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Regulations. Supply constraints. Labor shortages. Weather. Disrupted commutes. Rights-of-way.

We get into all the fun stuff today when it comes to bringing broadband connectivity to neighborhoods and communities.

In yesterday’s article, I referenced the Biden-Harris administration’s 2020 presidential plan on bringing broadband “to every American”.

While that might be the killer line, there’s another passage that bears a lot of focus:

And to encourage those providers to invest in further extending service to rural communities and tribal areas, Biden will make available key federally-controlled telecom resources, like towers, poles, and rights-of-way.

Those “key federally-controlled telecom resources” are sometimes the key to moving a broadband construction project forward.

However, there’s a much bigger challenge in accomplishing this goal.

The biggest unknown


Weather is the biggest unknown in building or expanding a broadband network.

If it’s too cold, construction can’t even start until the ground thaws. If you live in a state like Minnesota, your construction season hasn’t even been announced (it’s March).

If it’s too hot, OSHA has specific rules in place to ensure the safety of personnel.

(Specific states have additional specific restrictions for both overly warm and cool weather.)

When weather impacts a construction schedule, it creates a cascading and damning impact not only to a single network provider.

It creates a ripple effect to construction companies. Instead of providing construction services around a 12-month calendar, those construction companies are now squeezing their crew into a shorter construction season, with more network providers clamoring for their services.

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This ripple effect then causes all sorts of chaos, including delays to the overall delivery schedule.

If these network providers are receiving grants to build broadband networks with strict deadlines (and other requirements) and their construction schedules fall behind, that’s a massive impact to the entire, Federal plan.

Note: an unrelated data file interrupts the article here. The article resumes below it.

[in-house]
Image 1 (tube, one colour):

The reality

This will all get done.

While some states will have a more challenging time building their grant-funded broadband networks, the need for broadband connectivity is far too great to punish grant-funded companies for missing timelines.

The challenge comes in the form of costs. Broadband network costs seem to outweigh the overall costs by roughly 43%.

The Biden-Harris administration has allocated $20 billion to bring broadband internet “to every American”. If you accept there are 19 million Americans who do not have access to a broadband internet connection, and each connection-build costs on average of $1,500, the total costs to bring broadband internet “to every American” is $28.5 billion.

And that’s in today’s costs.

As the cost of borrowing money continues to increase, the $28.5 billion number will surely increase.

That doesn’t mean these projects should cease. It’s quite possible there are some fixed arial broadband connectivity options where the cost of broadband construction is far too great.

What’s next

Building broadband networks is a delicate balance between supplies, labor and natural events (weather).

And it’s a tricky subject, which is likely reflected in the number of sources noted below.

As these funds start to flow to network providers, new broadband customers will be the immediate winners.

And, as our economic, education and entertainment environments continue to change, the entire nation (and world) will begin to benefit from new users bringing their ideas online through a fast, reliable network.


Even though I’ve seen it up close and first-hand for much of my professional life, I’m continually fascinated by this intricate dance.

And we haven’t really addressed the customer yet.

It’s at the construction phase where customers begin to see, and feel, the impact of construction. Roads are torn up. Normal workflows need to be adjusted. Construction vehicles are littered everywhere.

It’s a scene.

Thank you

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